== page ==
Staying Healthy During the Holidays

Fork with measuring tape

With the closing of 2015 we approach that time of the year in which time changes, holidays come near and colder weather keeps us from many outdoor activities. What most people struggle with during this time of the year is the elusive diet plan. As simple as it sounds, I tell my patients all of the time: "Eat to live, don't live to eat." Having a balanced diet of protein (meat), carbs, fruits and vegetables, while avoiding sugars, will only help you. Also, it is important that you do not skip meals. One pound of fat is equivalent to 3,500 calories, so keep this value in mind when planning your meals for the day.

My patients regularly ask how to eat during the holidays. I tell them that eating well every day around the holiday will allow them to enjoy a holiday meal with moderation. If you are hypertensive, limit the salt intake. If you are diabetic, most certainly avoid the sweets or they will throw off your system and it may take days to get back to normal. If you have high cholesterol and heart disease, limit the fried foods and red meat during the holidays by eating more baked fish, turkey or chicken. Also, put a limit on butter, sour cream, and prepared sauces. Limit your intake of soft drinks, including diet pop, and avoid alcohol use.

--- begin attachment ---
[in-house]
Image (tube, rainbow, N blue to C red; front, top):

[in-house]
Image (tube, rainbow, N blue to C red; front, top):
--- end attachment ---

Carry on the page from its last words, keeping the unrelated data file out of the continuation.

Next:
The main key to enjoying the holidays without breaking the scale is to be conscious of your diet and stay active. Keep your calories burned greater than the calories taken in and you will not fall into the revolving door of gaining five to ten pounds during the winter months and spending the spring and summer trying to lose the weight, only to gain it back during the next holiday season. Our community provides a wealth of activities for us to keep moving if we choose to avoid the outdoors during the colder months. The YMCA, local fitness centers and even the mall provide plentiful places to walk indoors. At work you can avoid the elevators and use the stairs as a way to keep active and burn calories.

The human body was not designed to stay inactive, so I repeat myself: Eat to live, don't live to eat. Take regular walks, avoid elevators and take the stairs as much as possible and eat a healthy balanced diet daily. This will allow you to partake of the upcoming holiday meals in moderation and enjoy the family gatherings.